Distinguished from general damages, special damages are cold and mathematical. They are value drivers in personal injury cases, so they should be clearly identified in the demand letter. When you write a demand letter, you should make it easy for the insurance adjuster to understand and independently verify your special damages calculations. The following are common types of special damages that are included in demand letters:

  1. Current Medical Bills
  2. Future Medical Bills
  3. Current Lost Earnings
  4. Future Lost Earnings
  5. Cost of Home Modifications to Enhance Access for Disabled


Negligence is the failure to use reasonable care. It is an essential element of most personal injury cases; therefore the demand should generally address the issue. In some cases, the Defendant (or the Defendant's insurance company) may admit negligence. For example, in rear-end motor vehicle collision cases there is usually no dispute as to negligence. However, if negligence is likely to be disputed, the demand letter should articulate a convincing case as to how the Defendant was negligent. This may require expert analysis.

For example, suppose that in your case the Defendant's semi-tractor-trailer truck was involved in a collision that was not the Defendant's fault. Rather, the collision was the fault of an unknown hit and run driver. But in the aftermath of the collision, the load of concrete piping that the Defendant was hauling rolled off of his trailer, and crushed the Plaintiff's vehicle along with its occupants. Your theory of liability may be that the Defendant was negligent in the manner in which he secured the cargo he was hauling.That may be a good theory of liability, but it will need to be supported by expert opinion. Under this scenario, the demand letter should include a report from an expert who would be qualified to testify as an expert witness in court as to whether the Defendant secured his load in a negligent manner. Obtaining such a report would be a significant project, requiring considerable time and expense; however, sending a demand letter without it would be a waste.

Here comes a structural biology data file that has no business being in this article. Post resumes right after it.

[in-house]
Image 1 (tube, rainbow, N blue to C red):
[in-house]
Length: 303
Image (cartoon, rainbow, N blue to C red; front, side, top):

Once we have gathered the information described above, we are ready to write the demand letter, which you can learn more about here.

The philosophies, strategies, and tactics I've outlined above are the principles that guide our actions at Cluff Injury Lawyers. I've outlined them pedagogically to help anyone who wants to better understand these principles or improve their skills in utilizing them. 

Author: Brigham Cluff